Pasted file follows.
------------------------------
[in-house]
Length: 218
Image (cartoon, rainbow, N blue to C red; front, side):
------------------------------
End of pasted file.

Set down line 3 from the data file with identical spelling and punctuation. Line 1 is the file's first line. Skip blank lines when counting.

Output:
Image (cartoon, rainbow, N blue to C red; front, side):